Latest Malware Attacks and Threats 2018

Malicious software (malware) isn’t going anywhere. Last year, it was reported that a new malware specimen emerged every 4.2 seconds. With the recent attack in Atlanta that has crippled the city, people are more and more aware of the importance of cybersecurity. For 5 days, a ransomware attack has completely shut down the municipal government in one of the worst cyber-attacks against an American City. People are still unable to pay bills and tickets online, access Wi-Fi at the airport, and the city has even stopped taking employment applications.
The group responsible for the attack, SamSam, normally hits companies where the ransom is much less than the cost of potential downtime. It is estimated that in 2018, SamSam has extorted more than $1M from 30 organizations.
With cyber criminals becoming more advanced, cybersecurity has never been more needed.  Can your company survive 5 days of downtime? How are you, a business focused on serving your customer/client base, supposed to contend with that?
For one, by staying informed. You don’t need to become an expert on malware (that’s why we’re here), but it is a good idea to be aware of the latest threats so that you can prepare for what most experts will tell you is an inevitable attack on your organization. Only by being informed, can you be equipped to respond.

New Malware Threats That Your Business Needs to Prepare For in the Year Ahead


1. MS Office as a Carrier

This is a scary one for most businesses given the longstanding reliance on MS Office products in the workplace. The number of cybercriminals using MS Office documents as carriers to deliver malicious payloads in enterprise systems is on the rise. Data shows that malware attacks leveraging MS Word documents grew by 33% by the end of 2017, and this is expected to grow in 2018.
How exactly is this being accomplished? Features of MS Office documents such Dynamic Data Exchange (DDE) and Excel Scriptlets (Microsoft XML wrapper for scripting languages to register themselves as COM objects and execute) can help create the vulnerability. Have you ever seen the prompt stating "this document is protected, enable editing to view content”? When a hacker has delivered the document and a user enables editing, the infection chain begins.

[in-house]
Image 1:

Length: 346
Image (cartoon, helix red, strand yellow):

There is indeed a current onslaught of malware attacks exploiting Word, Excel, and PowerPoint, but by no means does this mean you should cease using the world’s most popular business solution platform. Instead, secure the services of a cybersecurity solutions provider with expertise in MS Office 365.

2. Mobile Malware 

Most organizations associate malware attacks with their in-house computer systems and laptops. But one of the biggest targets today (and tomorrow) is found in the pockets of your staff. Mobile devices will be a focal point for cybercriminals from here on in. Think about it, the number of mobile phone users in the world is expected to pass the five billion mark by 2019 and, at the moment, Android devices and iPhones have emerged as a primary work tool for many. Hackers are well aware of this popularity and are thus exploiting all vulnerabilities.
For example, a few months ago, global law firm DLA Piper was a victim of the Petya ransomware attack. Over 3,500 lawyers in 40 countries were without smartphone access for 24 hours and without access to their email for nearly a week. It took the firm nearly two weeks to regain access to a large portion of their data. While law firms are among the top 5 targets for hackers, every organization needs to take note. The days of BYOD (bring your own device) need to come to pass.